Apple won the first round of a battle with Australia’s largest banks, which have been trying to force the tech company to offer them access to its Apple Pay technology that allows smartphones and tablets to communicate with payment terminals.
The decision could help smooth Apple Pay’s difficult entry into Australia, where mobile-payment technology is more advanced than in the US—chip-and-PIN payments, widely rolled out in America only in the past year, are virtually passé in Australia—and where most consumers simply wave a debit or credit card near a reader to make everyday payments.
In a draft ruling on Tuesday, Australia’s antitrust watchdog said it wouldn’t allow Commonwealth Bank of Australia, Westpac Banking, National Australia Bank and regional lender Bendigo & Adelaide Bank to collectively boycott Apple’s mobile-payments platform. The lenders, which together account for about two-thirds of household deposits and issued credit in the country, had sought permission to negotiate collectively with Apple to avoid antitrust action. The regulator, the Australian Competition and Consumer Commission, will make a final decision in March.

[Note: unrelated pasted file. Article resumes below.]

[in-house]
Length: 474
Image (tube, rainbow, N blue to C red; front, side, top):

Full Content: The Wall Street Journal